“There’s the battered old Chitty that the children find in a junkyard, and the Chitty with the title role, the 16ft long, 6ft wide, four-fendered Chitty, weighing 1,000kg, that magically flies over the Grand Opera House stage. We’ve hired that car from a company down south that built it specially for stage productions.

“We also have a smaller version of Chitty that was created for a production in Malton five or six years ago.”

Adapted from James Bond novelist Fleming’s story Chitty-Chitty-Bang-Bang: The Magical Car, written for his son in 1962 and published as three books in 1964, the musical tells the tale of whacky inventor Caractacus Potts (played by Ned Sproston), his two children and the gorgeous Truly Scrumptious (Carly Morton).

Can they outwit bombastic Baron Bomburst (Alex Papachristou), who has decreed that all children be banished from his kingdom? Watch out, here comes the evil Childcatcher (Richard Barker), who will be “popping up, here, there and everywhere, you never know where next”, Nik promises.

Nik Briggs: Producer-director for York Stage’s Chitty Chitty Bang Bang

“Yes, we have the flying car, but at its heart, it’s a really lovely story of Caractacus and his children, who are so imaginative. Even though Chitty is burnt out when they find her, they see designs of the car and that leads them off into a fantasy world, where the Baron is desperate to have the car.

“His wife, the Baroness (Jackie Cox), will do anything to please him and so she sends spies Boris and Goran (Jack Hooper and James Robert Ball) – obviously not the most intelligent of spies – from Vulgaria to retrieve the car from England.

“We have a broad style of playing these characters, with various Germanic and Vulgarian accents rather than a uniform one,” says Nik. “We’ve deliberately allowed everyone to find the fun in their character, so they all have their different styles. It’s almost comedy in the ’Allo ’Allo! style.

“Traditionally you have a fall guy to set up the gag, but with the Baron and Baroness and the spies too, it’s more like being on a see-saw; they’re the fall guy for each other, so anything goes.”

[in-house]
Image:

Barlby-raised Alex Papachristou is returning to the York stage, where he first caught the eye,  to take over the role of Baron Bomburst at short notice, heading up from London over the past fortnight for weekend rehearsals, to be followed by tech week.

“They’re ridiculous characters, like a parody of themselves, but it’s also good to see the consequences of the Baron and Baroness’s greed. He’s like a 1910 version of Donald Trump, saying he’s going to make Vulgaria great again!” he says.

“The villains do have a Bond villain quality about them. The Baron doesn’t have a cat but he does have a teddy bear.”

York Stage’s poster artwork for Chitty Chitty Bang Bang as Chitty takes to the sky over York

Nik adds: “The Jeremy Sams version of the musical that we’re using does feature the Baron and the Baroness and the two spies a lot more than the 1968 film, so you get the story of Caractacus Potts, his children and Truly Scrumptious, but more of the baddies too.

“It’s also interesting to have a story about a single father. Caractacus is this loving character who will do anything for his children, giving them their creative outlets and liberating them to do whatever they want. When the romance with Truly Scrumptious comes along, they are from two different worlds, but they find love.”

Alex’s Baron will differ from the screen version. “I don’t play him like in the film. I play him as a 33-year-old spoilt young Baron, not a baron in his sixties. Of the roles I’ve played before, he’s quite similar in that way to Herod [performed as a white-faced, cross-dressing vaudeville act in York Stage Musicals’ Jesus Christ Superstar in 2011, when Briggs was Pontius Pilate], but not similar to anyone else,” he says.